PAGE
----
Protect our freedoms online! Don’t pass the Intellectual Property Attache Act (IPAA)!
To: U.S. House of Representatives
This month Rep. Lamar Smith introduced new legislation that threatens to restrict our rights to privacy online. The Intellectual Property Attache Act (IPAA) would create an Assistant Secretary of Commerce for Intellectual Property - basically an intellectual property czar in charge of promoting...…
This month Rep. Lamar Smith introduced new legislation that threatens to restrict our rights to privacy online. The Intellectual Property Attache Act (IPAA) would create an Assistant Secretary of Commerce for Intellectual Property - basically an intellectual property czar in charge of promoting U.S copyright laws abroad. A corps of diplomats would report directly to this shadowy figure from embassies around the world, working together to spread U.S legislation (like SOPA) to foreign countries.
As supporters of a free and open internet, we oppose any legislation that grants the government the authority to monitor our virtual actions and regulate the digital content we share online. Soon you, as our elected officials, will have the chance to vote on the IPAA. We ask that you respect our rights to privacy by not passing this restrictive bill!
This petition closed on September 1, 2012.
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8,598 people signed the petition
We thought the battle for our Internet freedoms was over when SOPA failed to pass the House of Representatives earlier this year – now our digital privacy rights are once again coming under threat. The Intellectual Property Attache Act (IPAA) is the latest Internet regulation bill introduced in the House by Republican Lamar Smith (who also sponsored SOPA.) Drawing extensively from the final section of SOPA (see SOPA sec. 205), IPAA would give the government further authority to regulate our actions online. The legislation would create a new executive position, the Assistant Secretary of Commerce for Intellectual Property, tasked with promoting U.S. copyright laws abroad. An army of diplomats stationed at embassies around the world would report directly to this draconian IP czar, strategically working to advance the U.S anti-piracy agenda favored by industry and government.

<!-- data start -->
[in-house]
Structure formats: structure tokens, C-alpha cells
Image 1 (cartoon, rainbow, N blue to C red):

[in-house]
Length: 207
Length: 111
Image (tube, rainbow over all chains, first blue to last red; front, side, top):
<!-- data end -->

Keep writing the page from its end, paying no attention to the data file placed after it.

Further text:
If you think this sounds shady, it's because it is. Passing this legislation would mean granting the U.S government the authority to not only regulate and block websites domestically without due process, but also to influence foreign governments to adopt similar restrictive measures.
All those who value our freedom of speech online and our ability to share digital content freely with people all over the world, must band together to prevent this dangerous legislation from passing in the House. Down with the IPAA!
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